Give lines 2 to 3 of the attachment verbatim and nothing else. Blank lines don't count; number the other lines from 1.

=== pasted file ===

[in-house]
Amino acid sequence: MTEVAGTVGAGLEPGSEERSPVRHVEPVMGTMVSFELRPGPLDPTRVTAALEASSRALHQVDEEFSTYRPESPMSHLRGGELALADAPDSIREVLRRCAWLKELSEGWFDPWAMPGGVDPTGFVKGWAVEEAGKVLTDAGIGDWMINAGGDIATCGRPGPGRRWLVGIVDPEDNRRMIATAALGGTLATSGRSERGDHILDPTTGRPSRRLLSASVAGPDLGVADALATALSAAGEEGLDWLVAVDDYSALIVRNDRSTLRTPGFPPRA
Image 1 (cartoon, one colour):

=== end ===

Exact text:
Amino acid sequence: MTEVAGTVGAGLEPGSEERSPVRHVEPVMGTMVSFELRPGPLDPTRVTAALEASSRALHQVDEEFSTYRPESPMSHLRGGELALADAPDSIREVLRRCAWLKELSEGWFDPWAMPGGVDPTGFVKGWAVEEAGKVLTDAGIGDWMINAGGDIATCGRPGPGRRWLVGIVDPEDNRRMIATAALGGTLATSGRSERGDHILDPTTGRPSRRLLSASVAGPDLGVADALATALSAAGEEGLDWLVAVDDYSALIVRNDRSTLRTPGFPPRA
Image 1 (cartoon, one colour):